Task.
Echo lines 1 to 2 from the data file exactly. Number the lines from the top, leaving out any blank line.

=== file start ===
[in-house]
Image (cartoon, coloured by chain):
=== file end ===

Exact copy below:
[in-house]
Image (cartoon, coloured by chain):